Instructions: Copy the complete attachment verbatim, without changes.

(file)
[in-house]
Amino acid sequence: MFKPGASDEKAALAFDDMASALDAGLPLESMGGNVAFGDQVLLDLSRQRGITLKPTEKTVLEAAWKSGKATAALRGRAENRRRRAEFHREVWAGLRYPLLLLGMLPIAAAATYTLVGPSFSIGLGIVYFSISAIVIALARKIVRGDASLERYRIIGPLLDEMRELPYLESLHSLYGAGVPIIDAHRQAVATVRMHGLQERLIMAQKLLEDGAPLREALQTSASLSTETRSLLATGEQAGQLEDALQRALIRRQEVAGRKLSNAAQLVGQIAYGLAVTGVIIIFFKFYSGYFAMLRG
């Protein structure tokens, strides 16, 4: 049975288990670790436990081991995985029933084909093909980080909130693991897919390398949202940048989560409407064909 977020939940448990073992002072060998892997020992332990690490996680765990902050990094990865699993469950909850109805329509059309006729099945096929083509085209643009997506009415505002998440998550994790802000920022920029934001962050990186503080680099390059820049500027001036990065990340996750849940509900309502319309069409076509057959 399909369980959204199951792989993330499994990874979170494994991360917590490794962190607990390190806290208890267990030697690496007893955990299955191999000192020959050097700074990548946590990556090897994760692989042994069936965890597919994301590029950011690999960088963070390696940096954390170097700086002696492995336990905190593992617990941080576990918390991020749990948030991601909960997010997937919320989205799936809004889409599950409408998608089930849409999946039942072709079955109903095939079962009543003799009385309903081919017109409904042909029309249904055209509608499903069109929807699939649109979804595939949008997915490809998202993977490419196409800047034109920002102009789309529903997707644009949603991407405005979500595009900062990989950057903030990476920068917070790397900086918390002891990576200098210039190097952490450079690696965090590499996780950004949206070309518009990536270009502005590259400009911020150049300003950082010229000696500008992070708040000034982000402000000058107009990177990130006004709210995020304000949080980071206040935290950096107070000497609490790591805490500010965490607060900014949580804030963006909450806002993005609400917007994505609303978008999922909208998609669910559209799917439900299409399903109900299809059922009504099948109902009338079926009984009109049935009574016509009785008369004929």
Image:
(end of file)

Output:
[in-house]
Amino acid sequence: MFKPGASDEKAALAFDDMASALDAGLPLESMGGNVAFGDQVLLDLSRQRGITLKPTEKTVLEAAWKSGKATAALRGRAENRRRRAEFHREVWAGLRYPLLLLGMLPIAAAATYTLVGPSFSIGLGIVYFSISAIVIALARKIVRGDASLERYRIIGPLLDEMRELPYLESLHSLYGAGVPIIDAHRQAVATVRMHGLQERLIMAQKLLEDGAPLREALQTSASLSTETRSLLATGEQAGQLEDALQRALIRRQEVAGRKLSNAAQLVGQIAYGLAVTGVIIIFFKFYSGYFAMLRG
């Protein structure tokens, strides 16, 4: 049975288990670790436990081991995985029933084909093909980080909130693991897919390398949202940048989560409407064909 977020939940448990073992002072060998892997020992332990690490996680765990902050990094990865699993469950909850109805329509059309006729099945096929083509085209643009997506009415505002998440998550994790802000920022920029934001962050990186503080680099390059820049500027001036990065990340996750849940509900309502319309069409076509057959 399909369980959204199951792989993330499994990874979170494994991360917590490794962190607990390190806290208890267990030697690496007893955990299955191999000192020959050097700074990548946590990556090897994760692989042994069936965890597919994301590029950011690999960088963070390696940096954390170097700086002696492995336990905190593992617990941080576990918390991020749990948030991601909960997010997937919320989205799936809004889409599950409408998608089930849409999946039942072709079955109903095939079962009543003799009385309903081919017109409904042909029309249904055209509608499903069109929807699939649109979804595939949008997915490809998202993977490419196409800047034109920002102009789309529903997707644009949603991407405005979500595009900062990989950057903030990476920068917070790397900086918390002891990576200098210039190097952490450079690696965090590499996780950004949206070309518009990536270009502005590259400009911020150049300003950082010229000696500008992070708040000034982000402000000058107009990177990130006004709210995020304000949080980071206040935290950096107070000497609490790591805490500010965490607060900014949580804030963006909450806002993005609400917007994505609303978008999922909208998609669910559209799917439900299409399903109900299809059922009504099948109902009338079926009984009109049935009574016509009785008369004929």
Image: